Photocopies of a will are not legally valid – only the original signed copy of the will may be admitted to probate. If the original cannot be located, additional proceedings in the probate court are necessary to allow admission of the photocopy.


All wills name an executor – someone or an institution (such as a bank or trust company) responsible to administer the estate. However, the executor named in the will does not actually become the executor unless they are willing and able to serve as executor and they are appointed by the probate court. Often people state they are the executor of a living relative’s estate, but that is not the case until their relative dies and they are appointed by the probate court.


Wills have no legal authority until admitted to the probate court. If someone becomes legally incapacitated, their will has no effect on the management of their assets while they are alive. Trusts, advance healthcare directives, powers of attorney, appointment of healthcare representatives and advance designation of conservators are legal tools used to plan for incapacity.

Prince: No Will, So What’s the Way?

The old adage, “where there’s a will there’s a way” might not have been intended to apply to wills people have for their estates.  However, wills do provide direction for who gets a person’s assets after they pass away.  But what happens when a person dies without a will?

The recent untimely death of music superstar Prince has drawn attention to what happens when someone dies without a will.  Here’s what’s been reported about Prince so far: he had no spouse; he had no surviving children or grandchildren; he had five siblings who are living, four of them are half siblings.

It’s likely that Prince’s assets at the time of his death were very significant, and right now it appears he had no will.

When someone dies without a will, state law determines who receives the deceased person’s assets and how much of the total estate goes to each person.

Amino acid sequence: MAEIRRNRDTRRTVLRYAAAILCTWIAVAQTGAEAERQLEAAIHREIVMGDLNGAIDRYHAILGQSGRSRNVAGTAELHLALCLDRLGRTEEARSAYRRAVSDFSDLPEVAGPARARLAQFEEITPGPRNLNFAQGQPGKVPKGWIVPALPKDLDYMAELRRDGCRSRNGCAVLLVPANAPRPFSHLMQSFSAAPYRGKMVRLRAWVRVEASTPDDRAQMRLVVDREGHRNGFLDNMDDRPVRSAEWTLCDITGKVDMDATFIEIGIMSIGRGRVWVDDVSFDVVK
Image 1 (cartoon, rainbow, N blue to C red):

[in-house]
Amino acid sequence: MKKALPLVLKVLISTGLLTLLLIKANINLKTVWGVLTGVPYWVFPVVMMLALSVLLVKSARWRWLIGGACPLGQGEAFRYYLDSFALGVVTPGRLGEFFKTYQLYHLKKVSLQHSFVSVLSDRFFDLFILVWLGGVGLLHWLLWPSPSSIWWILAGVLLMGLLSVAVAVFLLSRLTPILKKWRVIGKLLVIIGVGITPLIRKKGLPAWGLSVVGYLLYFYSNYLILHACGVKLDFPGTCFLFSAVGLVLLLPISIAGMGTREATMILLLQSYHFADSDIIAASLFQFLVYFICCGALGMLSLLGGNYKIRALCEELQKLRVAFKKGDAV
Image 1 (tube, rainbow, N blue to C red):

Let’s imagine that Prince was a Connecticut resident (which he in fact was not).  Based on the information above, his estate would be divided equally among his siblings – there would be no distinction between full and half siblings: all would share equally after expenses and claims are paid.

Persons who stand in line to inherit from a deceased person when there is no will are called heirs.  Heirs have legal rights.  Even if there is a will, heirs must receive notice of the initial probate hearing to give them the opportunity to attend the hearing and object to or to support the admission of the will to probate.

Wills usually name someone to be the executor of the estate.  The executor, only after appointment by the court,  is responsible for protecting the assets of the estate, administering the estate in probate court, and using the assets of the estate to pay administration expenses, creditors, and beneficiaries.

I sometimes hear people say that they are a living relative’s executor, but that is not an accurate statement. A person does not become an executor unless and until the person who has a will dies, the will is admitted to probate, the person named in the will as executor is willing and able to serve as executor, and  the probate court appoints the executor.

When someone dies without a will, or none of the executors named in the will are able to serve, an administrator will be appointed by the probate court.  The administrator’s role is similar to that of an executor. It’s common for the administrator to be a relative of the person who died.

Some of the speculation as to why Prince had no will involve common reasons why many people should have wills.  Having a family that includes minor children increases the need for someone to have a will.  Among other things, a will allows a parent of minor children to name a guardian for those children in the event both parents pass away.  Since Prince had no surviving children, that reason for having a will likely doesn’t apply in his case.


Because Prince had no spouse, tax planning for the benefit of a surviving spouse  does not apply.  However, it’s likely that if Prince’s assets were valued in excess of $5.4 million at the time of his death, his estate will have federal estate tax liability. Federal estate tax liability may be reduced by leaving gifts to charitable organizations in a will or trust.

Proper estate planning increases the likelihood that someone’s assets will go to the people and organizations of their choice. With no will, assets will go to heirs at law. Many people have a limited or even incorrect understanding of what this means for them and their assets after they pass away.  The objectives of estate planning go beyond  providing for a surviving spouse or children, and minimizing federal and state estate tax liability. Proper estate planning should be based on the goals of the person for whom the estate plan is created. Competent estate planning attorneys take the time to understand their client’s asset portfolio and their client’s values and objectives; explain options to the client, and create an effective estate plan customized for each client.


This blog is for informational purposes only and is not intended to be, nor should it be relied upon as legal advice.  Please consult with a competent attorney for advice as to your particular situation.